Everyone wants cheap energy. The UK's North Sea oil and gas reserves, exploited systematically since the 1980s, helped give us a long run of low energy costs – and we built our consumption patterns on this bonanza of cheap supply. But since 2004, energy imports and prices have risen sharply.
Household bills have doubled in tandem with the doubling of the cost of imported gas, which now makes up nearly 40% of our demand. As Sam Laidlaw, the chief executive of British Gas, said: "The price we pay for our gas is determined by a global marketplace, not the marginal cost of North Sea production." Our reliance on a single source of fuel for almost all our heating and half our electricity – good for both climate and cost in the 1990s – is looking less wise now that prices are rising.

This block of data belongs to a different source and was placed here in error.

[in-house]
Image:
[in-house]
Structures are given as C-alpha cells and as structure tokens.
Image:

Rising prices are supposed to make us use less, which means less cost and less carbon in the atmosphere. But the consumer pain of price rises also creates a political demand for action to cut prices, which has fed demands on George Osborne to cut "green levies" on our bills. Doing so would be counterproductive, because it will raise future bills.